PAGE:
The Fed reported US household net worth (total asset value minus total liability value) jumped to a record $92.8 trillion in Q4 driven by stock market strength and higher home prices. Some will argue that neither directly help most Millennials. Lenders are very attuned to net worth and income, so this caught my eye: tongues are wagging about how USA Hockey pays women who compete in the Olympics only $1,000 per month during the six months every four years that the women play. What the heck?
In retail job news, “Following its record-breaking growth in 2016, which included the opening of new branches, a new operations center and the addition of over 120 employees company-wide, New America Financial Corporation continues to expand its sales force of Loan Originators in Florida, North Carolina, Pennsylvania, New Jersey, Massachusetts, Delaware, West Virginia, Maryland, Virginia and DC. With in-house underwriting and processing, along with our innovative “underwrite to process” platform, Loan Originators can obtain a clear to close in just eight days, giving them a distinctive edge over their competition. As New America Financial continues to expand its footprint along the east coast, the company is seeking energetic and experienced LOs and Branch Managers. For information about exciting career opportunities, contact Debbie Rappaport, Director of Recruitment or visit NAFCareers.
The Correspondent Lending Division of Envoy Mortgage recently announced the hiring of 3 new Regional Account Managers to handle its latest growth. The new Regional Account Managers include Nicolle Nelson (Arizona, New Mexico, Colorado & Utah), Steve Williams (California & Nevada), and Joe Collins (Texas & Oklahoma). The new team of Regional Account Managers will be responsible for establishing and maintaining relationships in their respective territories. Todd Potter, SVP, National Sales Manager, said “Nicolle, Steve and Joe are each uniquely gifted in many ways. We are excited to see each of their talents at work here at Envoy Mortgage.” Envoy Mortgage was named as 2017’s Top Rated Mortgage Employer by National Mortgage Professional Magazine. For more information about Envoy CLD visit www.envoycld.com.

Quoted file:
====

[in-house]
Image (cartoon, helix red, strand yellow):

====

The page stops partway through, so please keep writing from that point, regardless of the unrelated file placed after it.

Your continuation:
National MI is excited to welcome two new additions to its sales team, “expanding as other MI companies are contracting. Grant Block joins in the newly created position of National Account Director. With 20+ years of experience in the lending industry, he has already begun to make an impact, providing support at several accounts that are both national and regional in their composition. Rob Melton joins the sales team as an Account Manager in the Southeast Region. Rob has varied mortgage insurance experience, and is committed to superior customer service and professionalism. He’ll cover the South Carolina and Western North Carolina markets for National MI.”
SecurityNational Mortgage Company (SNMC) is among the TOP 50 mortgage lenders in the country and is “looking for LIKE-MINDED people to join the team. SNMC is currently looking for producing Branch Managers that want to take the next step as an Area Manager in Wisconsin, Minnesota, Nebraska and Iowa. Security National is on solid ground and has been in the financial business for over 50 years and is backed by a public traded parent company, Security National Financial Corporation, (SNFCA-NASDAQ). The company is approved with FNMA, FHLMC, and offers many non-agency products, superior customer service, in-house processing and underwriting, a full-service marketing and advertising department, full employee benefits, and aggressive compensation packages. The company has won a variety awards including the Best of State, Top Places to Work, Scotsman Guide ‘Top Mortgage Lender’, CEO of the Year, Sales and Marketing Team of the Year (SAMY Award), and more. If you are interested in making a transition to a solid, growing company contact Justin Pater (801-864-2240) – the transition is EASY and POTENTIAL is truly, unlimited.”
There is less than a week remaining to register: 2017 is the year of mortgage tech integration. Is your LO team ready? Join me on Thursday, March 23rd at 1-2pm ET for my webinar “The Future of Mortgage Technology.” Loan officers are placing increasing demands on the technologies they rely on to grow their businesses. At the same time, they are experiencing “tool fatigue” as inboxes fill with pitches for products that promise end-to-end nirvana. But most LOs will tell you they don’t need new tools, they just want the great platforms they already use to talk to each other. Moderated by tech industry veteran and Floify CMO, Holly Hamann, I’ll share insights on how the fusion of mortgage tech will impact LOs, which processes will be affected first, and what new skill sets you’ll need on your teams.